• Platform support: soon Microsoft will disable the ability to create new Application Gateway V1. In addition, in the future, Microsoft will release additional new features, but most of these will be released exclusively for the SKU V2.

As migration occurs to the SKU V2

Currently the Azure platform does not provide an automatic procedure to migrate from V1 to V2 SKU, but it is necessary to proceed with a side-by-side migration. To proceed with this activity is necessary a suitable preliminary analysis to verify the presence of all the necessary requirements. The migration of existing configuration can be done through Special scripts of support, but may still be required manual activities. Completed the configuration of all settings to the new Azure Application Gateway V2 you need to redirect the flow of traffic coming from client to the new Application Delivery Service.

Conclusions

The introduction of the new features described above makes the offer of application delivery controller as-a-service available in Azure platform even more complete and functional, to the point of being highly competitive with other vendor solutions, long established on the market. To be constantly updated with the rapid evolution of the cloud is recommended to determine as soon as possible the transition to the new Application Gateway version in order to benefit from the advantages mentioned above.

Azure Networking: Point-to-Site VPN access and what's new

Among the different possibilities to establish a hybrid connectivity with the Azure cloud exist VPN Point-to-Site (P2S). Through the VPN P2S you can enable connectivity from one location to the Azure environment, easily and securely. It is a useful solution to allow communication from remote locations to the Virtual Network of Azure, mostly used for test and development purposes. Can be activated alternatively to Site-to-Site VPN if you must provide connectivity to Azure for a very limited number of systems. This article describes the features of this connectivity and displays the latest news about.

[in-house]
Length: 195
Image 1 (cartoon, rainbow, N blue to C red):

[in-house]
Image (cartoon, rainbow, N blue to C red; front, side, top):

To establish hybrid connectivity with Azure we can use different methodologies, each of which has different characteristics and may be eligible for specific scenarios, providing different levels of performance and reliability.

Figure 1 – Options to enable hybrid connectivity with Azure

The Point-to-Site VPN definitely provide a more limited set of features compared to other hybrid connectivity options and are appropriate in specific cases, where only a limited number of places should be connected to the Azure environment. The P2S connection is established by starting directly from the remote system and in the solution are not expected native systems to activate it in an automatic way.